Wednesday 28 January 2015

Spain's Guardia Civil seizes 36 Looted Egyptian antiquities

On the back of 'Operation Aureus', the Spanish civil guard warns that jihadism has entered the trafficking of stolen cultural property.
The director of the Civil Guard, Arsenio Fernandez de Mesa, said Wednesday that terrorism jihad might be "nourished and seek economic backgrounds" through smuggling of cultural items of high value. Fernandez de Mesa was speaking during the presentation to the media of the 36 archaeological objects of Egyptian origin that agents of the Heritage Group of the Central Operational Unit of the Civil Guard has seized at the port of Valencia, in the context of Operation hieratic. The operation was carried out in coordination between the Civil Guard, the Tax Office and the Ministry of Culture as part of a wider operation called AUREUS and directed by Europol and developed in 16 countries, 11 of them European. Five people have been arrested in Spain (four Egyptians and a Spanish antiquities dealer) and two in Egypt, a country where the investigation remains open. They are accused of alleged smuggling of cultural goods, laundering capital and belonging to an international criminal group, so that the maximum penalty facing them would be fifteen years imprisonment. 
Arsenio Fernández highlighted the work of the 3700 agents of the Heritage Group of the Central Operational Unit of the Civil Guard from the beginning of the operation on June 2nd, when they detected suspicious containers at the port of Valencia, until it ended on November 19 with the arrests. The material recovered, which it is believed may have been looted from the Egyptian archaeological sites of Saqqara and Mit Rahina, came hidden in decorative pots of little value.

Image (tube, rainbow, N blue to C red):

A sculpted head of the goddess Sekhmet was recovered, which would have netted the culture ciminals around 100,000 euros. Other items sezed on their way to greedy unscrupulous collectors were canopic jars, wooden sarcophagi and a wooden chest. These objects are being kept for the moment in the National Archaeological Museum.
The director of the Civil Guard recalled that UNESCO revealed during the meeting held last December in Paris, the proliferation of criminal groups arising from armed conflicts in the Middle East and neighboring countries, where certain terrorist groups use the illicit trafficking in cultural property for funding. While the Civil Guard has stated that this operation is not directly linked to terrorism, they do not rule out a relationship, since some of the detainees have criminal records.
Alajandra Elorza, 'La Guardia Civil advierte de que el yihadismo ha entrado en el tráfico de bienes culturales robados' El Mundo 28th Jan 2015 


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